Monday, December 21, 2015

Q&A - 21/12


You said here self-driving car technology is not ready [..]

That's not what I said

I said self-driving car tech does not drive like a human, but AFAIK even at its current state, it drives better than a human. Self-driving car tech  solved the problem differently (utilizing accurate Lidar based distance data for objects, instead of going through vision), creating a specialized software for the task much like a chess playing program. This is far from human-like AI, but it is usable.

Side note: AI, even at this specialized / single-purpose state can displace workers though, that much is certain. I've argued before that it should, and that we should speed up this process as much as possible, creating massive unemployment in the process, hastening the onset of the 3rd Wave.


Among all of the AI issues debated by researchers [all big shots, Yann LeCun, Andrew Ng, Gary Marcus], the one that received almost universal agreement was the detrimental impact AI could have on the job market. Erik Brynjolfsson, [..] explained that we're in the midst of incredible technological advances, which could be highly beneficial, but our skills, organizations and institutions aren't keeping up. Because of the huge gap in pace, business as usual won't work.

Ng quickly became one of the strongest advocates for tackling the economics issue. "I think the biggest challenge is the challenge of unemployment," he said.

In fact, the issue of unemployment is one that is already starting to appear, even with the very narrow AI that exists today. Around the world, low- and middle-skilled workers are getting displaced by robots or software, and that trend is expected to increase at rapid rates [..]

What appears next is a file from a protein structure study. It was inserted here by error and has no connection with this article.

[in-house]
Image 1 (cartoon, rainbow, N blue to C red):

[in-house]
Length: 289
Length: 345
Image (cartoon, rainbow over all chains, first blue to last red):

The possibility of a basic income [..] were both brought up as possible solutions. However, solutions like these will only work if political leaders begin to take the initiative [..]

Go for B.I., K.I.S.S.


Finland is [..] conducting a pilot project [on basic income] with a [..] fraction of the Finnish population participating, according to Olli Kangas [..]. Kangas and his research team have been tasked by the Finnish government with presenting proposals for testing [it out..]. If the trial is a success, they could go all in, but that could be years off. Nonetheless, Finland is on the verge of conducting the most methodologically rigorous and comprehensive test of basic income to date. And that alone is a big deal.